Hatching a plan to sustain lobster stocks

From left: Andrew Gooding, hatchery manager, and Jon Green of Northumberland Inshore Fisheries Conservation Authority. Picture courtesy of The Ambler.
From left: Andrew Gooding, hatchery manager, and Jon Green of Northumberland Inshore Fisheries Conservation Authority. Picture courtesy of The Ambler.

A new venture is underway to promote local shellfish and sustain lobster stocks along the Northumberland coast – creating numerous jobs in the process.

A lobster and shellfish hatchery is being developed in Amble’s Northumberland Seafood Centre, with the aim of providing a fascinating visitor experience, as well as having a serious conservation purpose.

And five new jobs have been created, with four vacancies still to be filled.

Hatchery manager Andrew Gooding said “The Northumberland Seafood Centre will house all the holding tanks, larvae tanks and juvenile tanks alongside all the required chillers, filters and pumps to create a fully-operational hatchery for the Northumberland coast.

“The hatchery is not just a visitor attraction, but also an important project to help ensure future stocks of shellfish for the local fishing industry. Initially we will be helping lobsters, but will look to work with crabs and langoustine in the future.”

Julia Aston, of Amble Development Trust – which owns the facility – said: “Many of our fishermen have had to concentrate effort on shellfish, rather than white fish, in recent years. This is due to decreasing whitefish quota – of which our inshore fleet have had very little anyway.

“With the increased reliance on shellfish, and the influx of visiting boats in the season, shellfish numbers could be in danger of being overfished. We therefore want to try to restock to increase levels before they reach a critical stage.”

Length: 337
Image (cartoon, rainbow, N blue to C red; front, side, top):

A female lobster can carry upwards of 20,000 eggs under their body for more than nine months, but once hatched, the majority will not survive in the wild. At the hatchery, the eggs will be protected in tanks for several weeks while they grow and start to look like mini lobsters.

Then, with the help of Northumberland Inshore Fisheries Conservation Authority, the baby lobsters will be returned to the sea; their positions accurately recorded for long-term research.

The hatchery is due to open at Easter. The existing Northumberland Seafood Centre will be refitted to accommodate it, as well as continuing to sell fresh seafood and run Creel Club.

Funding for the £250,000 hatchery project came from National Lottery through Power to Change and Northumberland County Council.

Vacancies exist for two part-time hatchery technician/fish filleters, one hatchery technician/fish filleter apprentice and one seasonal visitor assistant. Volunteers are also required to help look after the lobsters and explain the project to visitors. Contact Andrew on 01665 713580.